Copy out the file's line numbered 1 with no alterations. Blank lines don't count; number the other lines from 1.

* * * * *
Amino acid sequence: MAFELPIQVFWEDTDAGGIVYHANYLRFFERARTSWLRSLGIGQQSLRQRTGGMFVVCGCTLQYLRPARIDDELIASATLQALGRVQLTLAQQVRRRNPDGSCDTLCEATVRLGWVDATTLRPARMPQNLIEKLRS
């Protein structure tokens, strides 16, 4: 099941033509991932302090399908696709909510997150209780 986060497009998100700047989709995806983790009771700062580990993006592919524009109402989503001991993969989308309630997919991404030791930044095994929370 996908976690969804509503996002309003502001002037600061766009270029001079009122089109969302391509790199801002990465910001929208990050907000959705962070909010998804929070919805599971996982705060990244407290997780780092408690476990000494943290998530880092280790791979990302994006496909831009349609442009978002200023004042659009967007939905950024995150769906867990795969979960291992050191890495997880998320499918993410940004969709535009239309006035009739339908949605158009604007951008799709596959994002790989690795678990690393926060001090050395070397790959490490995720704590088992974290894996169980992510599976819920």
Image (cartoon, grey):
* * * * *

Amino acid sequence: MAFELPIQVFWEDTDAGGIVYHANYLRFFERARTSWLRSLGIGQQSLRQRTGGMFVVCGCTLQYLRPARIDDELIASATLQALGRVQLTLAQQVRRRNPDGSCDTLCEATVRLGWVDATTLRPARMPQNLIEKLRS